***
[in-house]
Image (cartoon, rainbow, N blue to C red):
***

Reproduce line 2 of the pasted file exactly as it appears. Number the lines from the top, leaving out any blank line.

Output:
Image (cartoon, rainbow, N blue to C red):